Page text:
The study evaluate the scourge of corrosion effects on reinforcing steel with the application Calotropis procera exudates / resin coated directly in different thicknesses to reinforcing steel, embedded into concrete slabs and exposed to coastal waters with a high concentration of salt to curb the rate and degree of corrosion. The hardened concrete slab is fully immersed in 5% sodium chloride (NaCl) solution for 360 days, with interval inspection and routine tests at 90 days, 180 days, 270 days and 360 days. The maximum calculated percentile control value is -59.22% compared to the corroded and coated values of 229.5% and -59.22% and the controlled potential difference value is 8.8%, 84.28% corroded and 10.43% coated. The maximum yields of the controlled and coated samples were -105.37mV and -122.66mV 6mV, which showed the relationship between corrosion potential and opportunity in the reference range 𝐸corr > −200mV. Corrosion potential probability values of uncoated samples has maximum calculated range of -308.77mV, the result is within the reference value of dependence between corrosion potential and probability of value −350mV ≤ 𝐸corr ≤ −200mV indicates a high range of values, which is 10% or uncertain probability of corrosion. Results in comparison from the reference range (controlled), it is observed that show that non-coated samples showed corrosion potentials with higher values as a result of accelerated corrosion induced as compared to coated samples. The maximum value calculated from the concrete resistance of the controlled sample is 111.34% compared to the corroded and coated value of -54.53% and 135.59% and the maximum value of the percentile difference from the control is 19.17% compared to the corroded and coated value of 3 0.02% and 15.66%. The results of testing controlled samples coated with concrete resistance obtained the maximum average values of 15.28 kΩcm and 17.53kΩcm with a description of the value 10 < 𝜌 < 20 (low) compared to the corrosion value of 7.9kΩcm with specifications 5 < 𝜌 < 10 (high) and with a reference range of dependence between concrete resistance and corrosion probability at significant corrosion probability. The calculated maximum percentage of the controlled yield strength was 8.31% compared to the corroded and coated values -7.35% and 8.66% and the possible difference values of 0.45% controlled, 0.62% corroded and 0.72% coated. The calculated maximum percentage of the controlled of ultimate tensile strength is 1.99% relative to corroded value of -2.69% and the coated values of 2.78%% and with differential potential values of 0.01% controlled, 0.01% corroded and 0.01% coated. Comparatively, corroded samples exhibited high yielding to low load application representing the effect of corrosion on the mechanical properties of reinforcing steel that has resulted to low load carrying capacity, the corroded also recorded higher strain ratio as compared to the coated to the parameters above. The maximum calculated percentage was set at 0.929% versus corroded - 0.919% and coated at 1.043%, with a percentage difference in corrosion of 0.004% versus 0.067% coated. For comparison, the results of the corroded samples showed a reduction values compared to the diameter of the reinforcement before and after the induction accelerated corrosion test with a percentage decrease in value from 0.048% to -0.919% and an average value in the range from 11.96mm to 11.91mm. Comparatively, the results obtained show a reduction of the mean and percentile values for corroded from 0.07 kg to 0.05 kg and 35.19% to -23.61%. The summary results show that the corrosion effect on corroded samples causes a decrease in weight compared to coatings with percentile values and an increase in mean values, which causes a slight increase in volume with coating thickness.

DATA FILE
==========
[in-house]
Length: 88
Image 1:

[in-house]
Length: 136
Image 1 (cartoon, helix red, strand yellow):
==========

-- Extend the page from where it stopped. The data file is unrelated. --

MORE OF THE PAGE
ORIGINAL RESEARCH ARTICLE | Aug. 21, 2021
Wenner Probe Technique Application in Electrical Resistivity and Corrosion Potential Measurements of Concrete Induced Chloride threshold Mechanism
Macmammah Michael, Charles Kennedy, Achieme Lewis Oba
Page no 259-274